Misinterpretation, Misrepresentation, or Misdirection? Whatever, it missed the point of our argument.

Screen shot of the article page for Generative AI and the Automating of Academia, link in blogpost



Let’s start by saying that we are so pleased with the reception that we got for a piece on Generative AI and the Automating of Academia. It’s been awesome to have positive reviews, and we (Donna, Lawrie, Cathryn, and Richard) have been invited to some great events as a result.   We are so pleased that our work is being cited in the literature already.  It’s always gratifying to see the impact of our thoughts on the work of colleagues old and new.

However, as with many authors, we occasionally find our words being used to support arguments that we don’t actually support.


Some articles suggest, via citation, that we are saying what we didn’t actually say.

A recent publication discussed the ethical implications of using GAI like ChatGPT in higher education, it focused on things like data privacy, algorithmic bias, plagiarism, and “hallucinations”. It enthused about “the transformative potential of AI in education” but did emphasize some need for consideration of ethical issues. The paper suggested  measures such as clear policies, innovative assessment methods (and advanced plagiarism detection) to address concerns universities might have. It also advocated for collaboration among staff, AI developers, policymakers, and students to harness the tools’ potential in an ethical way. I think we would judge the overall tone towards GAI in the paper to be at least “cautiously optimistic”, but with a strong emphasis on benefits.


But then, we noticed that a paragraph started:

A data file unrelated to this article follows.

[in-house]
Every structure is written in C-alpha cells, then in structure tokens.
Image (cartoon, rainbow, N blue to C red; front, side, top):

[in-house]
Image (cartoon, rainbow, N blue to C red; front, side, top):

“However, the value of chatbots extends beyond saving time on administrative burdens; rather, they can additionally transform pedagogy (Watermeyer et al., 2023).”


Readers, this is not an argument that we made, inferred, or otherwise intended in any way, shape, or form!

So we’d like to be clear.

In our article we:


  1. Discuss the history of our current neoliberal experience of academia
  2. Situate the arrival of GAI tools in that history and current moment
  3. Focus on academic behavior around GAI as evidenced in recent survey-based research we carried out
  4. Argue that what academics think GAI tools will be useful for is evidence of what they are struggling with in our current neoliberal experience of academia


There are moments where we suggest that, all things being equal, GAI tools might provide opportunities for academics to reflect on what they want to be doing and not in their work.  But ALL THINGS ARE NOT EQUAL and academics are embedded in a cultural web of inequality and hierarchies that mean (as usual) that technology cannot be offered as a “solution” to these struggles.  Technology, including GAI tools, acts as an amplifier to the current problems in academia.

Do, please, cite us for that!

As in:

Brailas, A. (2024). Postdigital Duoethnography: An Inquiry into Human-Artificial Intelligence Synergies. Postdigital Science and Education, 1-30.


Felix, J., & Webb, L. (2024). Use of artificial intelligence in education delivery and assessment. UK Parliament POSTnote 712.


Hayes, Sarah, Michael Jopling, Stuart Connor, Matt Johnson, and Sally Riordan. “‘Making you aware of your own breathing’: human data interaction, disadvantage and skills in the community.” Postdigital Science and Education (2024): 1-16.


Veletsianos, G., Jandrić, P., MacKenzie, A., & Knox, J. (2024). Postdigital Research: Transforming Borders into Connections. Postdigital Science and Education, 1-20.